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ISS Tested Plasma May Be New Medical Miracle

May 25, 2012
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The latest benefit from research conducted as a result of space exploration may be a weapon for killing the most dangerous and deadly bacteria we have on Earth.

Experiments astronauts have conducted aboard the International Space Station have helped develop cold plasma hospital applications that will potentially wipe out strains of anti-biotic-resistant bacteria.  Chief among these is staphlococcus aureus, the deadly MRSA germ.

Often the result of surgery or just being in the hospital, MRSA is highly resistant to most anti-bacterial applications, and can be deadly.  Mortality rates in the area of 50% have been linked to MRSA, which comes in various strains.  Bacteria are not likely to develop resistance to cold plasma applications any more than people can develop resistance to gun shot wounds.  Cold plasma is more effective at sanitizing surfaces because it can get into cracks in the skin soap or UV light don’t penetrate.

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Dragon Capsule Will Rendezvous with ISS

May 22, 2012
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A successful launch of the Space-X privately owned and developed spacecraft early today, May 22, 2012, will lead to delivery of 1000 pounds of supplies to the International Space Station.  Space-X is under contract with NASA to begin a series of deliveries, ultimately of crew as well as cargo.  The dragon capsule will be visible as it orbits earth.  Anyone wishing to see it can visit NASA’s website for exact times for their part of the country. 

For example, if you live in Southeast Michigan, It will pass overhead starting at 5 am Thursday and move from roughly 15 degrees above the horizon in the west-southwest to about 34 degrees in the north-northwest.  It can be viewed at other times and other days if you don’t mind getting up in the middle of the night.  The original launch, scheduled for last Saturday, had to be postponed because of a faulty fuel valve.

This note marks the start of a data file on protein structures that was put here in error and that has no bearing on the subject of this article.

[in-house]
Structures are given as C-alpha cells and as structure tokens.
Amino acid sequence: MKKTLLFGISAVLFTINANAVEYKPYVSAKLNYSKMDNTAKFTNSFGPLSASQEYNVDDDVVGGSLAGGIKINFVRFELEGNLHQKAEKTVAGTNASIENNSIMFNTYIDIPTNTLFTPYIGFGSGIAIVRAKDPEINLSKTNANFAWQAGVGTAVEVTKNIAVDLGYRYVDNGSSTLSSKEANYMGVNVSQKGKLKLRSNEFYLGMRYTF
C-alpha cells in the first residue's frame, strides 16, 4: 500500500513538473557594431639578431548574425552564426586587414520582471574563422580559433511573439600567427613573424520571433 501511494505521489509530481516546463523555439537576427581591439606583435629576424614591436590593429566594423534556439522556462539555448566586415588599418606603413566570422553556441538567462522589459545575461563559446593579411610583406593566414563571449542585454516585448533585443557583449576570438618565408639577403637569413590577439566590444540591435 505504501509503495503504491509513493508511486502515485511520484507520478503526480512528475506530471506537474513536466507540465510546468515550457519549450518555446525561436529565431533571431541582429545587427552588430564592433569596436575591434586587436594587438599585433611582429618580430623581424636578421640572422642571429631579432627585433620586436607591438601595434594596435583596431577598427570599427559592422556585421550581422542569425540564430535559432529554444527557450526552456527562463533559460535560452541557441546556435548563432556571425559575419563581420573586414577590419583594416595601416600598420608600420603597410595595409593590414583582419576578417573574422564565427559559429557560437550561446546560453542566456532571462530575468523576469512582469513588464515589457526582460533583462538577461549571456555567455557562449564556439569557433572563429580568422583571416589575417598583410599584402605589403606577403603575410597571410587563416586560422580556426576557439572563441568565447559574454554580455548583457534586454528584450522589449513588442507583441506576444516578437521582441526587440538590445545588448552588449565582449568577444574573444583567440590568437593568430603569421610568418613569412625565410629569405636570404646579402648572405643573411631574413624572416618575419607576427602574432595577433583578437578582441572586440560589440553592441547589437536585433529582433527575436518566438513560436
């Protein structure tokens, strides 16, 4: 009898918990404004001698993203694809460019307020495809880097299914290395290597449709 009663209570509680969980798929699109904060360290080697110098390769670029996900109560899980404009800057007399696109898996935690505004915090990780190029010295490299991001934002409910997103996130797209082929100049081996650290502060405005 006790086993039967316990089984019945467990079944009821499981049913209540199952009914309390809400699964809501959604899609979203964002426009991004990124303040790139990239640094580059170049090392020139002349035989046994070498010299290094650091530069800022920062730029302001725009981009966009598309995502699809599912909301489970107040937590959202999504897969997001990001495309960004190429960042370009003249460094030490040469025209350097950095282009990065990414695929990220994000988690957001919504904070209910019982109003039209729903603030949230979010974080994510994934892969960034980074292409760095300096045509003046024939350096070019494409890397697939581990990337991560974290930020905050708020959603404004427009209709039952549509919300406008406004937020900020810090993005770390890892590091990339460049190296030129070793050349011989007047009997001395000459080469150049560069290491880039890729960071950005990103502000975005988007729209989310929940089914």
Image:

NASA will desperately need private enterprise to fill in for the shuttle in the next three years until its own advanced vehicle replacing the shuttle can be developed.  A better alternative would be to turn space station supply over totally to private companies while NASA concentrates on deep space.  But with no definite goals set for the next few years, and decreasing budgets, it’s difficult to predict if we will ever get beyond low Earth orbit:  Sad news for the United States and the human race in general.


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Cheaper Hydrogen in Future

May 16, 2012
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A new relatively low cost method of producing hydrogen gas is being developed by scientists at Brookhaven National Laboratory.

The process replaces the platinum catalyst with a cheaper nickel-molybdenum combination.  Cheaper hydrogen could make fuel cells for powering cars and other things more affordable, as well as bring down the price of one component of rocket fuel.  As most of you know, a hydrogen-oxygen combination produces the highest specific impulse of any cchemical fuel currently available for space vehicles.

According to sources, platinum sells for around $50,000 a kilogram, while nickel and Molybdenum go for around $20 and $32 a kilogram respectively. 

In combination with nitrogen, the process produces nanosheets of nickel-molybdenum nitride providing more surface area for the catalyst to perform and making up for the lack of efficiency of nickel alone.

 


Multiple Star Systems Can Have Planets

May 12, 2012